Marcella Hazan's Tomato, Butter, and Onion Sauce

I have a lot to say about Marcella Hazan's Tomato, Butter, and Onion sauce, which is slightly surprising given it requires not even an hour of cooking time and only three ingredients. For example: 

No sooner had I tasted it, I wrote to every culinarily-inclined friend I knew to tell them about this absolutely genius sauce that was one of the best things I had ever made in my life and was also so superbly easy to make and where were they right now because if they were in their kitchens they should make this, asap, and thank me later (!!!) (My mother actually took me up on this offer and this is what my dad had for dinner that night).

When I made this recipe for my sister, who subsequently and enthusiastically passed it on to a friend, his response was the following:

Next time you see your sister, I want you to give her a big hug, tell her you love her, then give her something expensive. 

Because that sauce was outstanding.

Its pretty famous outside of my own kitchen, too. This sauce is so very good that its been written about in the cooking section of The New York Times, plus its been featured on the most important foodie websites and blogs like The Kitchn, Food52, Epicurious, and my very favorite, Smitten Kitchen. When I recently posted a preview picture on Pancakes and Biscotti's social media -- just a picture of the three ingredients, no further explanation -- someone commented "MARCELLA SAUCE!" and another "Marcella Hazan!!!" Indeed, if this sauce were a person it would be a celebrity of Angelina Jolie levels, constantly dodging the paparazzi and leaving the house in face-obscuring Chanel sunglasses.

The brains behind this recipe is of course Marcella Hazan, who is credited with bringing traditional Italian cuisine and techniques to the U.S, similar to the way that Julia Child brought French cuisine to the States. Marcella was born in Cesenatico, Italy (in the Emilia-Romagna region) and moved to New York City in 1955 after marrying Italian-born, New York raised Victor Hazan. She wasn't much of a cook before she reached the U.S -- her mother and grandmother had always done the cooking -- but once a newlywed in New York City with a husband to feed she began to cook herself, using cookbooks from Italy and recollections of her mother's food to get started. She got the hang of the cooking thing, and eventually she went on to offer cooking classes in her own kitchen before then opening her very own cooking school. She published 7 cookbooks on traditional Italian cuisine in her culinary career, all of which were written in her native Italian and translated in to English by her husband. She is still considered one of the very foremost authorities on Italian cuisine in the U.S., and I can't thank her enough for this sauce.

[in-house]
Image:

I'm at the end of this post now and have been so busy recounting my enthusiasm and the background behind this Tomato, Butter, and Onion sauce that I haven't even explained why.

Told you I had a lot to say about this recipe.

So: this sauce is genius, both for its simplicity and ease but also its incredible depth of flavor. The onion here infuses the tomatoes with a subtle sweetness, and the butter rounds off and softens their usual acidity, all the while giving the whole thing an incredible richness. This is a tomato sauce that manages to be downright luxurious, not an adjective one usually associates with a simple tomato sauce, but this one seems to break the mold. Plus: there are no carrots or celery or onions to chop, nor is there any bay leaf or herbs to buy, or wine to uncork. This sauce is the true definition of "less is more," and in this case, so very much more.

A couple of notes: I suppose if you really wanted to you could add a bit of basil to this sauce, but honestly, you don't really have to. Other than that I can't say I have any comments really -- this sauce is that foolproof. 

Looking for other tomato-y recipes? I've got this Spaghetti with Cherry Tomatoes, this Cherry Tomato Cobbler, these Savory Tomato Shortcakes, these Rice-Stuffed Tomatoes with Potatoes, and this Cherry Tomato Crostata.


1 (28 ounce) can plum tomatoes
5 tablespoons (70 grams) unsalted butter
1 yellow onion
Salt, to taste

1 pound (448 grams) pasta of your choice
Freshly grated Parmesan cheese

Peel the onion and cut it in half. Place the tomatoes, unsalted butter, onion halves, and a pinch of salt in a medium pot over medium heat and let the mixture come to a bubble.  Lower the heat and the let the sauce simmer for 45 minutes, breaking up the tomatoes as you go and stirring occasionally to make sure the sauce doesn't burn or stick on the bottom of the pot. 
When the 45 minutes are up, take the sauce off the heat and discard the onion. Taste the sauce and add salt if necessary. Makes enough sauce for about 1 pound (448 grams) of pasta. Be sure to serve the pasta topped with lots of freshly grated Parmesan cheese.     



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  2. I can't wait to try this! I'm going to make it for Friday's Lenten dinner. I'm sure this will make my husband very happy! I'll be sure to tell your Aunt Laura how it came out. Thanks for the recipes!